Since reading Delicious, the first in this series, I have been anticipating Reid’s story and was delighted when I was given the opportunity to review this third installment in the Buchanan series. Not only does this book feature the bad boy of the Buchanans, it also offers the reader a different perspective on the past villain in the series, the controlling evil grandmother. Yes, I certainly wanted to see Reid up close and personal but no, I had no desire to read more about the malicious matriarch.
Since his forced retirement from professional baseball after a shoulder injury, Reid Buchanan spends his time running the family’s sports bar and basking in his former glory. He can’t get his heart into it and attempts to fill the big hole in his life with a number of empty pursuits, but finds his main salve is women. Lately fame has not been his friend and when a former girlfriend decides to go public and claim that Reid is not good in bed, it seems everyone is clamoring to watch one of the mighty fall. When an infamous set of twins declares the same about Reid’s lovemaking skills, he decides it’s time to hide from the press and moves to stay in his grandmother’s home where she is recovering from surgery.
Lori Johnson is a private duty home-care nurse and a nurse extraordinaire at that. She makes sure every detail is perfect for her patients, with nary a wrinkle in the sheets, a squeak in the bed, or an unappetizing piece of food on their tray. After being hired by a womanizing ex-baseball player to oversee his grandmother’s recuperation, Lori admits to herself that Mrs. Buchanan is more than your run-of-the mill difficult patient. The nurses at the rehab facility can’t wait to get rid of her and warn Lori that the she complains constantly, hates everything, and threatens everyone. But Lori is determined to complete this job because the generous compensation will allow her to take a few months off during next year.
I wish there was more to say about the plot but sadly, there is little. It’s basic – Lori hates Reid although she is desperately attracted to him. Reid seems to be determined to bed all of the nurses taking care of his grandmother, but doesn’t give Lori a second glance, which only adds to her pique. Reid can’t understand his need to spend time around Lori because she is not his type. And then there is the fact that Laurie is the Buchanans’ own rescuing angel, working miracles with their grandmother and acting as a counselor with the family on other personal issues.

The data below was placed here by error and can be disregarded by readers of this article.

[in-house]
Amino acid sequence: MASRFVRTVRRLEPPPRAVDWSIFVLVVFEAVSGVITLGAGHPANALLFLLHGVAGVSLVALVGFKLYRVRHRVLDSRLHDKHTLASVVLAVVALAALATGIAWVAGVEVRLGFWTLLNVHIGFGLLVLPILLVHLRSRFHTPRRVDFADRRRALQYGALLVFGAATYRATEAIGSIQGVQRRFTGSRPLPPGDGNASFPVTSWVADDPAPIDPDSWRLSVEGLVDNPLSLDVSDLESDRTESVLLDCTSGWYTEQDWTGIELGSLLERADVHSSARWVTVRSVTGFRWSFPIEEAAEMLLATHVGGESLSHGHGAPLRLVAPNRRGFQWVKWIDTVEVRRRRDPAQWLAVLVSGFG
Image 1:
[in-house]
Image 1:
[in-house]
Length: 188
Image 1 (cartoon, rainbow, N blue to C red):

Oh, it’s true – Reid adores women, all women, and always has. He doesn’t wish to make it more complicated than the simple fact that they offer and he says yes, which in my mind makes him a captive of his own sexual appeal. Therefore, Lori’s aggravation over her physical response to this modern day Duke of Slut is understandable and I personally found it hard to hand Reid much respect. After all, do I really want to champion a guy who drops his pants at every opportunity and on an extremely frequent basis with many partners? Somehow when moved into a contemporary setting, that rakehell scenario loses some of its appeal.
Lori’s physical attraction to Reid plays like a 1980s romance wherein physical attraction equals hateful treatment of the person you desire. Lori is mean to Reid and I mean – really mean. I kept hoping she would get past her need to lash out at her employer’s grandson (who had hired her for this all important job) at each and every opportunity but it took entirely too many pages to start the needed transition from meanness to kindness. Of course, Reid reacts to Lori’s biting comments by relishing each opportunity he has to annoy her. That these two developed loving feelings towards each other required a true stretch of my imagination but, nevertheless, there were moments that I found myself caught up in their developing relationship.
Mrs. Buchanan provides an interesting secondary storyline, although I was left with serious doubts concerning her ability to truly change. The leads from the two previous books make inconsequential appearances and Dani, the Buchanan sibling yet to have her book, is involved in a fairly boring plot as she looks for a job and searches for her father. While I think you would benefit from reading the series in order, this book easily stands alone.
I really wanted to love Sizzling and held high expectations for it. It may be those expectations that ultimately failed me because I believed Reid had the most potential of all the Buchanans for an absorbing and sexy tale. Regardless of my hopes, I never felt the chemistry between Lori and Reid nor perceived any genuine connection. And therefore, Reid and Lori’s HEA seemed at best an empty victory.